- Are there ways you could use these tools at an iwi or community level?
- How should we build stronger international relationships?
- What areas of biodiversity could Aotearoa New Zealand provide global leadership in?
- Are you aware of any work overseas we could adopt or adapt for Aotearoa New Zealand?
- If we decide to use emerging technologies, how can we build social license, cultural licence and trust to support their safe and effective use?
- How much of a role should government have in biodiversity protection?
- How involved should community and iwi groups be in biodiversity protection?
- How can government best collaborate with others?
- How can we ensure the diverse voices and views of the community are represented in a biodiversity conversations?
- What could the guiding principles for decision-making about information and biotechnology look like, and who should be involved in developing these?
- What are the key data issues that the government will need to think about to get the foundations right for using data-driven and emerging technologies?
- What areas should we put funding or resourcing into, and why?
Step 3: Submit your feedback by 5 pm, 16 January 2023
Prepare your comments or responses to the questions above, and submit them:
- by email to LTIB@linz.govt.nz, or
- by post to LTIB Consultation, PO Box 10420, Wellington 6140.
If you have any questions or would like to receive updates about progress and future engagement opportunities, please email LTIB@linz.govt.nz
Be aware any submission you make will become public information, and anyone can ask for a copy of all submissions under the Official Information Act 1982 (OIA). The OIA states that the information must be made available unless there is a good reason for withholding it.
If you think there are grounds for withholding specific information in your submission, let us know.
Possible reasons include the information being commercially sensitive or personal. Any decision made to withhold information can be reviewed by the Ombudsman, who may require the information to be released.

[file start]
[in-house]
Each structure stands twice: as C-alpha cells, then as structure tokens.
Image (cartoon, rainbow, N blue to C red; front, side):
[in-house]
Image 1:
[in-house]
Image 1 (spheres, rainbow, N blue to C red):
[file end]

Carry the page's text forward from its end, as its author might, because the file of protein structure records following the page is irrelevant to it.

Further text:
Your feedback will inform the development of our final Long-term Insights Briefing.
The final Long-term Insights Briefing will be presented to Parliament by late 2023.
We have taken the following steps for this consultation:
Step 1: Research and discussions to understand the drivers and trends in biodiversity
We worked with a range of experts inside and outside of government. This work showed technology was an important driver that could be game-changing for nature protection.
Step 2: Public consultation
In October 2021 we consulted on a proposed topic for the briefing. Most submissions supported the topic. However, submitters also noted the need for:
- understanding the risks of using technologies,
- good governance and decision-making to support its use.
Step 3: Options for potential futures workshops
In March 2022, we held a futures-thinking workshop. We used a scenario-sketching tool to produce options for potential futures. We also created a log of risks and opportunities.
The most common insight was that the systems that support the use of technology and information have a huge impact on its success or failure.
Step 4: Topic wording updated
Based on consultation feedback, the proposed topic was refined to: How can we help biodiversity thrive through the innovative use of information and emerging technologies?
This was changed from: ‘How can innovation in the way we use information and emerging technology help biodiversity thrive?’
Step 5: Draft Long-term Insights Briefing prepared
We prepared this draft using:
- insights from consultation,
- the futures-thinking workshop, and
- research that included a background analysis.
The draft demonstrates the opportunities that may be found through innovation, information, and emerging technology.
It explores satellite and remote sensing, data-driven technologies such as Al, and genetic technologies.
If you have any questions email us.